Delay in radiotherapy is associated with an increased risk of disease recurrence in women with ductal carcinoma in situ Journal Article


Authors: Shurell, E.; Olcese, C.; Patil, S.; McCormick, B.; Van Zee, K. J.; Pilewskie, M. L.
Article Title: Delay in radiotherapy is associated with an increased risk of disease recurrence in women with ductal carcinoma in situ
Abstract: BACKGROUND: The current study was conducted to examine the association between ipsilateral breast tumor recurrence (IBTR) and the timing of radiotherapy (RT) in women with ductal carcinoma in situ (DCIS) undergoing breast-conserving surgery (BCS). METHODS: Women with DCIS who were treated with BCS and RT from 1980 through 2010 were identified from a prospectively maintained database. IBTR rates, measured from the time of RT completion, were compared between those who initiated RT ≤8 weeks, >8 to 12 weeks, and >12 weeks after the completion of surgery. The association between RT timing and IBTR was evaluated by Kaplan-Meier and log-rank analyses; Cox modeling was used for multivariable analysis. RESULTS: A total of 1323 women met the inclusion criteria. The median follow-up was 6.6 years, with 311 patients followed for ≥10 years. A total of 126 IBTR events occurred. Patients were categorized by RT timing: 806 patients (61%) with timing of ≤8 weeks, 386 patients (29%) with timing of >8 to 12 weeks, and 131 patients (10%) with timing >12 weeks. The 5-year and 10-year IBTR rates were 5.8% and 13.0%, respectively, for RT starting ≤8 weeks after surgery; 3.8% and 7.6%, respectively, for RT starting >8 to 12 weeks after surgery; and 8.8% and 23.0%, respectively, for an RT delay >12 weeks after surgery (P =.004). On multivariable analysis, menopause (hazard ratio [HR], 0.54; P =.0009) and endocrine therapy (HR, 0.45; P =.002) were found to be protective against IBTR, whereas a delay in RT >12 weeks compared with ≤8 weeks was associated with a higher risk of IBTR (HR, 1.92; P =.014). There was no difference in IBTR noted between RT initiation at ≤8 weeks and initiation at >8 to 12 weeks after BCS (P =.3). CONCLUSIONS: A delay in RT >12 weeks is associated with a significantly higher risk of IBTR in women undergoing BCS for DCIS. Efforts should be made to avoid delays in starting RT to minimize the risk of disease recurrence. Cancer 2018;124:46-54. © 2017 American Cancer Society. © 2017 American Cancer Society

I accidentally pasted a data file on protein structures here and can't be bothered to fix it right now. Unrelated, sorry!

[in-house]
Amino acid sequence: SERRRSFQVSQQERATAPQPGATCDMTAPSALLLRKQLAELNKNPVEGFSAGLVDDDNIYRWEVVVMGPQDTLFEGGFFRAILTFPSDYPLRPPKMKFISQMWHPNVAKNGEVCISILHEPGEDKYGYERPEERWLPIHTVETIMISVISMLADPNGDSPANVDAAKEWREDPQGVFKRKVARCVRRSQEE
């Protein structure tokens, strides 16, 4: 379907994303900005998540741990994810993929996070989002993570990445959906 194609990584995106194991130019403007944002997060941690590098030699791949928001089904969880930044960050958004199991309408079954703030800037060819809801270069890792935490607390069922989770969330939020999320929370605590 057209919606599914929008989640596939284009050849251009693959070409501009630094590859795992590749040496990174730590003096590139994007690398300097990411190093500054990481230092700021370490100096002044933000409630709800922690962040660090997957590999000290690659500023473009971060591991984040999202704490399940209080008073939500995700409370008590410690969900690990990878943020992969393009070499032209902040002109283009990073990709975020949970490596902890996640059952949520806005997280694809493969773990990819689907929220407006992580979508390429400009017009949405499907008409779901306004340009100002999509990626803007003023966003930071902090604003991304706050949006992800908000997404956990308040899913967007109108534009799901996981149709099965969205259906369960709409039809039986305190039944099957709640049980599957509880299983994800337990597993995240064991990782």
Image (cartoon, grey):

Keywords: adult; controlled study; human tissue; aged; aged, 80 and over; disease-free survival; middle aged; human cell; major clinical study; histopathology; cancer recurrence; postoperative period; cancer radiotherapy; disease free survival; chemotherapy, adjuvant; radiotherapy, adjuvant; follow up; disease association; neoplasm recurrence, local; breast cancer; proportional hazards models; radiotherapy; risk factors; recurrence; breast neoplasms; risk factor; high risk patient; proportional hazards model; tumor recurrence; adjuvant chemotherapy; breast tumor; partial mastectomy; therapy delay; multivariate analysis; hormonal therapy; antineoplastic agents, hormonal; epidemiology; menopause; factual database; databases, factual; adjuvant radiotherapy; intraductal carcinoma; antineoplastic hormone agonists and antagonists; carcinoma, intraductal, noninfiltrating; mastectomy, segmental; ductal carcinoma in situ; protection; procedures; time to treatment; very elderly; protective factors; time-to-treatment; humans; human; female; priority journal; article; statistics and numerical data
Journal Title: Cancer
Volume: 124
Issue: 1
ISSN: 0008-543X
Publisher: Wiley Blackwell  
Date Published: 2018-01-01
Start Page: 46
End Page: 54
Language: English
DOI: 10.1002/cncr.30972
PUBMED: 28960259
PROVIDER: scopus
PMCID: PMC5734990
DOI/URL:
Notes: Article -- Export Date: 2 January 2018 -- Source: Scopus
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MSK Authors
  1. Sujata Patil
    383 Patil
  2. Kimberly J Van Zee
    241 Van Zee
  3. Beryl McCormick
    243 McCormick
  4. Cristina Olcese
    20 Olcese